A mother and father are facing a slew of murder and related charges after mounting a failed legal effort to fight an Ohio coroner’s determination that their 8-year-old son died by homicide several years ago.
According to jail records reviewed by Law&Crime and local reports, John Snyder II, 51, and Katherine A. Snyder, also 51, are incarcerated at the Clinton County Jail in Plattsburgh, New York, about 25 minutes south of the Canadian border.
Katherine Snyder is charged by indictment with a total of fifteen counts in the Hamilton County, Ohio Court of Common Pleas. Her charges, according to an online court docket, include two counts of aggravated murder, two counts of murder, two counts of felonious assault, and nine counts of endangering children.
John Snyder is charged with 11 counts, the docket indicates: two counts of aggravated murder, two counts of murder, two counts of felonious assault, and five counts of endangering children.
The actual 26-count indictment remains locked in an online court database, but an online court docket sheet suggests that both defendants are named in the same indictment.
The case appears to have a long, bewildering, and twisted history.
In January 2019 and again in May 2020, the Snyders filed civil lawsuits against Dr. Lakshmi Kode Sammarco, the Hamilton County coroner.
The 2019 case says John and Katherine Snyder adopted “numerous seriously disabled and special-needs children from China, including Adam [J.] Snyder, who arrived in the United States in February 2016.”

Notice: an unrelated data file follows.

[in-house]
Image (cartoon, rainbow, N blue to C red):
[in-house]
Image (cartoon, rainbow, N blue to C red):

The 2020 case says Adam Snyder was born Dec. 8, 2007.
However, on “October 5, 2016, Adam Snyder died while undergoing inpatient treatment at Children’s Hospital Medical Center, Cincinnati, Hamilton County,” the 2020 lawsuit states.
The coroner’s office listed Adam Snyder’s “immediate cause[s] of death” as “[a]cute subdural hemorrhage” and a “blunt impact injury of [the] head,” according to an official death record attached to the 2020 lawsuit as an exhibit. A “significant condition” that contributed to the boy’s cause death was “[w]idespread acute bronchopneumonia,” the death record indicates.
The manner of death was listed as “homicide.” The boy’s parents contested that finding by filing the twin civil suits.
In 2019, the Snyders argued that “numerous experts” retained by them had looked at their dead son’s files.
“Three separate experts independently concluded that the manner of death is not homicide,” the parents argued.
Using a relevant Ohio law that allows for such a review, the parents asked a judge to examine the coroner’s office’s findings and to change the official manner of the boy’s death.
The court docket indicates that a judge refused to do so.
The parents mounted similar arguments in their second case in May 2020:
Medical and scientific evidence demonstrates the cause of death was septicemia with profound neuropsychiatric illness NOT “acute subdural hemorrhage due to blunt impact injury of the head,” as reflected in the Death Record, Exh. l.
Medical and scientific evidence demonstrates the manner of death was natural, NOT homicide as reflected in the Death Record, Exh. 1.
Medical and scientific evidence demonstrates SAMMARCO made multiple errors in the cause and manner determination including, but not limited to, ignoring clumped bacteria in Adam’s brain as well as failing to consider a positive blood culture obtained from Adam prior to his death.